US House Passes Anti-Islamophobia Bill In Wake of Omar-Boebert Rift
The legislation was prompted when Republican representative for Colorado Lauren Boebert bragged about her quip that a fellow representative, Democrat Ilhan Omar of Minnesota, could have been a suicide bomber. The remark, however, seems to have caused more outrage than amusement.
The US House of Representatives rolled out a bill to designate a State Department unit that would fight Islamophobia in the United States and across the world, passing the legislation on Wednesday with a 219-212 party-line vote.
House Majority Leader Steny Hamilton Hoyer welcomed the initiative, praising it as a step toward in combating religious bigotry.
"No one should have to live in fear because of one’s religion – today, however, the threat of Islamophobic violence has become a daily reality for Muslim Americans," he said. "Just as we have a special envoy to tackle antisemitism, it is important that we take this step today to continue our commitment to fighting the scourge of religious intolerance here at home and around the world."
Chairman of the House Rules Committee, Democrat representative for Massachusetts, James McGovern, on Tuesday introduced the bill and said that surveys show an increase in Islamophobic rhetoric both in America and around the world. What led the House to convene and take action, according to him, was a colleague who had "told a completely fabricated story again and again that implies a Muslim colleague is a terrorist just because they are Muslim."
He did not refer to anyone in particular, but the quick move to introduce anti-Islamophobia legislation comes in light of a recent feud sparked between Democrat representative Ilhan Omar and her Republican colleague Lauren Boebert who joked that Omar could be a suicide bomber and called her "jihad squad". Although Boebert apologised to "anyone in the Muslim community I offended", this did not quell the storm.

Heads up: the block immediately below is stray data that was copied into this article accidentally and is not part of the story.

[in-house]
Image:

With radio silence from the Republican lawmaker on the new bill and the scandal around her joke, Omar herself was quick to celebrate the passage of the initiative as a "huge milestone for Muslims around the world and a powerful signal that Islamophobia cannot be tolerated anywhere."
With House Speaker Nancy Pelosi vowing that the new bill is not an end to the Democrats' responsive actions, the GOP lawmakers cracked down on the new legislation. Republicans said it has been forged too quickly and seem to make a preference for certain religious group.
“It’s so vague and subjective that it could be used against legitimate speech for partisan purposes,” said representative Michael McCaul of Texas, the top Republican on the House Foreign Affairs Committee.
During the debate on the new legislation, GOP representative Scott Perry of Pennsylvania lashed out at Omar, claiming that she was "affiliated" with terrorist organisations - his words swiftly taken down from the protocol, and the House's rules-enforcer prohibiting him from taking the floor for the rest of the night.
Perry is not the only one who appears to share sentiments voiced by Boebert rather than those of Omar. When the rift between the two lawmakers unfolded, Boebert found an ally in Marjorie Taylor-Greene - another outstanding Republican lawmaker notorious for her sometimes controversial statements. She lambasted another Republican, Nancy Mace, who defended Omar.
Apparently provoked by the GOP's most outspoken members, the Democrats have called on the rival party's leadership to stand up to them when they "cross a line". However, House Minority Leader Kevin McCarthy, Republican representative from California, has only called on Taylor-Greene and Mace to stop their squabble, without commenting much on the issue.